Once you start doing the second thing which is a few moment when you start eating where you really try and taste the food and see what you can taste out of the stuff you know went into to it you start getting a feel for flavours. I know this became really sueful for my normal cooking as it requires so much more thinking and you start to get this awareness for your cooking so you can cook like a grandma where everything is vague and unmeasured.

That to me is the coolest cooking, make something decent by feel rather than measure.

In terms of shopping for extra ingredients, I think that's just a matter of being organised enough to make a list, or set a reminder for yourself the night before. This of course can all fall apart if you end up at the pub instead of the supermarket after work :) , and I'd have to say that is one of the main reasons I end up wasting food, get home late and a bit pissy a few nights in a week, and all sorts of stuff in the fridge gets forgotten or not turned into tomorrows lunch.

Hence my idea which tells you what you should do. Makes life easier when you can tell yourself to do stuff without much work.

Might have found a solution for saving fresh herbs, freeze them into ice cubes.

Freezing works insanely well for ginger and chillis, Ice cubing herbs I have found it to be a bit mehhh, I will generally just go get some fresh ones.

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It hurts me to read some of your words. Growing up in the GDR if I even attempted to leave a crumb on my plate I would have gotten to feel the hand of my father on my cheek and still been obligated to finish the meal. You simply didn't get allowed to step away from the table until the plate was licked clean. The ramification was that you had to learn how much food you could eat before you served yourself.

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It hurts me to read some of your words. Growing up in the GDR if I even attempted to leave a crumb on my plate I would have gotten to feel the hand of my father on my cheek and still been obligated to finish the meal. You simply didn't get allowed to step away from the table until the plate was licked clean. The ramification was that you had to learn how much food you could eat before you served yourself.

We all got that too, what we are talking about is cook wastage.

Everyone beats their children for not eating food (or should).

I remember once doing "bob a job" for my "uncle" (nana's long time boyfriend) and he asked if we ate tripe. I said YES, so did my brother and sister, we all thought he meant trifle.. we ate it anyway.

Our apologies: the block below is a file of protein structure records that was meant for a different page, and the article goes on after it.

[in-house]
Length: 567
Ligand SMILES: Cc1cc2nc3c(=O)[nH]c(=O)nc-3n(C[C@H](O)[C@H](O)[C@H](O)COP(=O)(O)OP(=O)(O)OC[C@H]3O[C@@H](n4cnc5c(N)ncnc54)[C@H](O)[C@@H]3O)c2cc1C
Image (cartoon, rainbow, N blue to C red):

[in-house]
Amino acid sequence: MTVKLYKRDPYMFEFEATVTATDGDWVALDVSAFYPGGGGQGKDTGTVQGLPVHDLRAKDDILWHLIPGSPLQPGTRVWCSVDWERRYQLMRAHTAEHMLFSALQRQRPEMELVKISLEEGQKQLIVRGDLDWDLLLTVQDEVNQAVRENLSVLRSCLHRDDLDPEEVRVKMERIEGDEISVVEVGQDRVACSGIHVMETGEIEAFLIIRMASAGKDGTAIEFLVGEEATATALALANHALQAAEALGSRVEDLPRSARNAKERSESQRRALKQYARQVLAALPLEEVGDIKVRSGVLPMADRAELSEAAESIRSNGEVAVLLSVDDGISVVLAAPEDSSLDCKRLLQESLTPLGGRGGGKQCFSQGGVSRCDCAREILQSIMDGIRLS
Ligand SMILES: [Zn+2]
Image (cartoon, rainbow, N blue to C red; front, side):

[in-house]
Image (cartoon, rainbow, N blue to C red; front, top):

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Freezing works insanely well for ginger and chillis, Ice cubing herbs I have found it to be a bit mehhh, I will generally just go get some fresh ones.

The trick to freezing basil is to chop it and freeze it in oil rather than in water. Use as low a ratio of oil to herb as possible, while still keeping the green shreds covered. This adds a bit of oil to the recipe but mostly it is not a problem. I do this plain and in flavour combos (like basil/garlic/coriander, which works for both thai and mex type flavours if you think about it) for later use. Make them in ice cube trays and then turn them out into labeled ziplock bags. The labeling is important, in July you won't remember which greenish blob is which.

BTW has anyone seen this site, it has some interesting culinary ideas-

http://www.cookingforengineers.com/

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BTW has anyone seen this site, it has some interesting culinary ideas-

http://www.cookingforengineers.com/

Love it, when you just can't work out which chilli to use look it up on a scale:

Becoming popular 1970's, HPLC is a method of separating compounds within a solution under high pressure. Once the solution has been separated, the parts can be identified and quantified. Applying HPLC can be used on ground peppers, chemists can determine the capsaicinoid concentration in parts per million. The capsaicin concentrating in parts per million is directly proportional to the Scoville rating system - by a factor of approximately 16. Thus, a capsaicinoid level of 200 parts per million results in a Scoville rating of 3200. Pure capsaicin would then have a Scoville rating of 16 million. The downside of HPLC is that it is quite expensive compared to having a bunch of people tasting chile flavored Frutopia...

One of the problems with scoville ratings is that no two sources seem to agree just how hot a chile is. Here's some of the examples that I've managed to collect to provide an idea of how the varieties stack up against each other.

And this in teh comments:

Interesting piece of trivia for you...

Here in Australia, 'bell peppers' are called Capsicums. Until reading your article I never knew the reason - I am assuming now it has something to do with the name of this chemical Capsaicin.

It led to a lot of confusion and intrigue when I visited Subway in the States. ("You want *what* on your sandwich?!")

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We used to shop once a week,